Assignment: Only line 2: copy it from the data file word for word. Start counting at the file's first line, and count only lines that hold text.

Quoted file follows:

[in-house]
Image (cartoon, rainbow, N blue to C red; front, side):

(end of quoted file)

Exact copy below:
Image (cartoon, rainbow, N blue to C red; front, side):